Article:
Update: I re-visit the park Jan 2021 and it is open to the public at the north entrance visitor center.
You still can't hike at the remote sections of the park but Frog Lake and Manzanita Point hikes are open.
Link to Updated map on public access sections:
note Oct. 19, 2020: due to Summer 2020 large fire complex the park is currently
close to visitors and I do not know how bad it was damage from the fire and
what will be the trail condition and landscape once it will reopen to the public.
Where? : Located 1 hr drive south of Sunnyvale (east of Morgan Hill), the park has few entrances, the main one with the ranger station and campsite is at Coe Ranch Visitor Center (end of E. Dunne Ave road).
Another popular entrance to the parks (popular for mountain bike riders) further south is Hunting Hollow Park entrance (near Coyote Lake Park).
Far to the south on Hwy 152 there is another park entrance on Kaiser Aetna Rd. that lead to Dowdy Ranch Area Visitor Center (never visit this entrance).
What? : Although Henry W. Coe is the largest CA state park in northern California this is not a well-known park but if you are looking for something close to the bay for long hikes or bike rides and wilderness backpacking experience this is the place.
The park spread over large area of mountains and running water streams with many options to have very long hikes and it also include overnight backpacking in organized sites or in the wilderness sites. The park has relatively few visitors and you will have plenty of nature all to yourself.
Due note 1: The park is mountain bike friendly
Due note 2: Recommended to a nice winter/spring day. For most trails, especially deep in the area there is no much shade, not recommended to hot summer days
My thoughts: This is very large state park and I can’t say I know it all. I did few hikes in the north section and few long hikes in the south. Although there isn’t any main attraction point, I liked the park, it gives you real wilderness experience, only few people endless trails and many options to hike. It has very nice open landscape with old oak trees and grassland. Except of few short-medium hikes near the north entrance this park is mainly for long hikes, if you want to get to one of the park lakes you will need to cover a lot of miles and cross few mountain ranges. Highly recommend this park for mountain bikes.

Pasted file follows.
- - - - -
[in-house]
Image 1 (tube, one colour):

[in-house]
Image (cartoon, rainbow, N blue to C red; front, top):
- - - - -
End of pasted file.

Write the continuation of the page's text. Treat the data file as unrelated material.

The huge park is networked mainly by wide and well-maintained fire road trails that connected by single-track paths. Usually there is no shade, very hot at the summer season, open to rain during winter day.
There isn’t any specific “park attraction”, but this is the best place to have long hikes, cover ground, discover the mountains and water streams, excellent place to feel the wilderness and to have solitude experience. You will enjoy the mountains covered with old Oak view and the fact that you will probably won’t see anyone else during the hike.
There are many camping options both near the small Coe Ranch Visitor Center and options to have overnight sleep in the wilderness.
Recommended trails from Coe Ranch Visitor Center:
Short: You can have short 2-3 miles hikes in trails near the visitor center.
Option 1 (Blue trail on the map): From the visitor center take Coral Trail, connect to Spring Trail that will lead you to Manzanita Pt Rd. keep going on the main trail all the way to the small pound (right side of the trail) at Manzanita Point.
On your way back you can take Forest Trail or enjoy the old large Oak trees and go on the main road back. This trail does not include any climbs, so it is relatively easy.
Option 2 (Red on the map): take the Corral Trail, cross Manzanita Pt Rd. and connect to Flat Frog trail, the trail will take you to Frog Lake.
On your way back you can go on the shorter Hobbs Road back to the visitor center.
From Frog lake you can connect to Manzanita Point ridge through Flat Frog Trail, this is the recommended way to go back and see other sections of the park.